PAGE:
A 900-pound totem pole found yet another home in an Alaska lawmaker’s office on Capitol Hill on Saturday.
Sen. Lisa Murkowski (R-Alaska) said in a tweet that the pole, which has stood in the office of the late Rep. Don Young (R-Alaska), has now been moved to her office. She said the pole was originally belonged to former Sen. Ted Stevens (R-Alaska), who served in his seat for 40 years.
Murkowski said she now occupies what was once Stevens’ office, so the totem pole will be returning to its home. A photo Murkowski posted along with the tweet shows more than half a dozen people Capitol Hill workers wheeling the totem pole to her office.
“I’m honored to have this as a reminder of both my friends and their love for Alaska,” she said.
Young, who was the longest-serving Republican in congressional history when he died in March, told E&E Daily, a news organization focused on energy and the environment, in January 2018 that the pole originally belonged to Stevens, and he received it after Stevens was defeated for reelection in 2008.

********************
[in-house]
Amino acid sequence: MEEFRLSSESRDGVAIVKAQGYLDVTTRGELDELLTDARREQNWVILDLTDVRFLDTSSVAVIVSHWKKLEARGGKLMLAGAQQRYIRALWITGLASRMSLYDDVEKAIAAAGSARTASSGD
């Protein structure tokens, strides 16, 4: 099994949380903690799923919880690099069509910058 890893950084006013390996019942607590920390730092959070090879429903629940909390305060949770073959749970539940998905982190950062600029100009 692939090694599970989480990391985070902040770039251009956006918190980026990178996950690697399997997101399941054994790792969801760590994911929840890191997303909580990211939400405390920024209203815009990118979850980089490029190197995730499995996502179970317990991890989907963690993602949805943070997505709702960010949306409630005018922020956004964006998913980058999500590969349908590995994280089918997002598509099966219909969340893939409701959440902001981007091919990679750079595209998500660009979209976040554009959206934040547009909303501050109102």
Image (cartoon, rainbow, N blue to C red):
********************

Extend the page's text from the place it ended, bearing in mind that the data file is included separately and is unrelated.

Young said the owners of the pole told Stevens he needed to give it to the new senator when he lost reelection, but Young told Stevens to bring it to his office.
Young’s office a slew of other artifacts like a hand-carved canoe and photos of Young with multiple presidents. It also featured a host of animal head mountings that he boasted he had hunted himself, as well as the full size bear skin of one he had encountered, he told Roll Call who took a tour of his office in 2016.
KTOO, an educational radio station in Juneau, reported in April that Young’s office had largely remained as is despite his death. His office included other artifacts like a hand-carved canoe and photos of Young with multiple presidents.